Initially, you'll only be able to earn one stack of Astral Fire or Umbral Ice, but by the time you reach level 50, you'll be able to get up to three stacks, and swap immediately between them using Fire III or Blizzard III. Until then, you'll need to make use of other abilities to quickly switch -- most notably Transpose, which swaps you from Astral Fire to Umbral Ice and vice-versa.

Eventually you'll fall into a rhythm, though this will vary somewhat according to exactly how many MP you have and what spells you have available. Essentially you want to minimize the amount of time you spend not casting, so don't run your MP reserves dry with Fire spells; switch to Umbral Ice to recharge before that happens, and fling off a Thunder spell (which inflicts damage over time) while your MP is regenerating.

Perhaps the most important ability you'll learn in this class is level 26's Swiftcast, which causes the next spell you cast to have no cast time. This is moderately useful for Thaumaturgists and Black Mages, but it really comes into its own as a cross-class skill for White Mage, when it can be used to instantly resurrect KO'd party members without the normal lengthy cast time for Raise. If you're planning on primarily playing as a healer, consider spending some time as a Thaumaturgist to at least earn Swiftcast.

Eeeeey.

Archer

Type: DPS
Weapon: Bow
Primary Stat: Dexterity
Upgrades to: Bard
Secondary class: Pugilist
Starts in: Gridania

Archer is another ranged damage dealer, but unlike its magical counterparts, it's able to move while using skills. This makes it ideal for "kiting," where you continually keep on the move to avoid taking damage from enemies or to help move them into a more tactically advantageous position.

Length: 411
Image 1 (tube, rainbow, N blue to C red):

Archer has an array of very useful skills, ranging from self-buffs to area of effect attacks and powerful damage abilities. When upgraded to Bard at level 30, they gain the ability to use a number of different Songs that gradually drain the Bard's MP while conferring other benefits to the party. Of particular note is Mage's Ballad, which continually restores MP to nearby allies, making Bards the best friend of White Mages in particular all across Eorzea.

When playing solo as an Archer, you'll want to keep on the move so you can pelt enemies while minimizing the amount of damage you take. When playing as part of a party, you'll want to keep well back from the front lines and use your skills from afar. Should you inadvertently draw the attention of a monster, you can use your skills to keep doing damage while you run away, unlike many of the other classes. When you become a Bard, pay close attention to how the battle is going when deciding whether or not to use one of your Songs; a healer struggling to stay on top of incoming damage will certainly appreciate a Mage's Ballad, but bear in mind you'll lose some of your own damage output while it's active.

Hrrrrrrr!

Pugilist

Type: DPS
Weapon: Knuckles
Primary Stat: Strength
Upgrades to: Monk
Secondary class: Lancer
Starts in: Ul'Dah

Pugilists are a pure melee damage dealer class, and a lot of fun to play. If you ever played Xenoblade Chronicles on Wii, their closest parallel would be the way Shulk behaved in that their various skills are a lot more dependent on positioning than other classes -- certain attacks will deal more damage or have additional effects when unleashed from the side or the back of an opponent. If you're having trouble determining which way a foe is facing, use its target marker on the floor -- it has an arrow pointing the direction the monster is facing, and the area considered "behind" them has a thinner section of circle.